Speeches, etc.

Margaret Thatcher

Speech to Wembley Youth Rally

Document type: Speeches, interviews, etc.
Venue: Wembley Conference Centre, London
Source: Harvey Thomas VHS: OUP transcript
Editorial comments: MT arrived at 1500 and began her speech at 1535. The CCOPR (GE554/83) was released at 1530. MT made hundreds of changes in delivery.
Importance ranking: Major
Word count: 3515
Themes: Conservatism, Defence (general), Defence (arms control), Employment, Industry, General Elections, Monetary policy, Privatized & state industries, Public spending & borrowing, European Union (general), Foreign policy - theory and process, Foreign policy (USSR & successor states), Health policy, Housing, Labour Party & socialism, Science & technology, Social security & welfare, Trade unions, Trade union law reform, Women

Cecil ParkinsonMr Chairman, fellow Young Conservatives. [laughter and cheers] What a super start to this marvellous rally, and may I thank the superstars for their splendid contribution, which means such a lot personally to me, and such a lot to the cause which we are all here to support this afternoon. [applause]

This really is a remarkable and invigorating start to the last week of the Election campaign.

And I believe that this Youth Rally shows the world what we in the Conservative Party already know—Britain's young people want another Tory Government. [cheers and lengthy applause; klaxons]

That's marvellous, but there is quite a lot to come yet and I don't want you to have sore throats before the end. That's the sort of reception we want at the end. You've already demonstrated that there's an excitement and an enthusiasm which is the envy of all other parties.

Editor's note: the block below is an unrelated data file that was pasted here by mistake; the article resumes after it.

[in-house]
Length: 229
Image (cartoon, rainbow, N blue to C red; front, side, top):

And this great hall, filled to capacity with young people who want to live your own lives, in the way you choose, with a style which is on your own within the law. [sic] Young people want to stay free. [cheers and applause]

Could Labour have managed a rally like this? [ “No” ]

Well, in the old days perhaps. But not now. For they are the party of yesterday. And tomorrow is ours. [cheers and applause]

We are all here to state our faith in Britain's future and our determination to keep her strong and free.

And this rally isn't going to duck the issues. There'll be no fudging, and no manifesto-changing here.

We are here to talk about the programme of the next Government. We are here to make sure that it is a Conservative Government. [cheers and applause]

So let me start with the most difficult issue of our time, because we Conservatives don't duck the difficult issues. We face them determined to overcome them.

And the most difficult issue is the growing unemployment with which our world is faced.

Over 26 million out of work in the OECD countries alone.

Behind those unemployment figures lie the individual tragedies and the dashing of family hopes which make us determined to fight to rid our nation of this evil. [applause]

Twenty three and a half million jobs—that's what we have in Britain.

Twenty six and a half million jobs—that's what we would need to eliminate unemployment.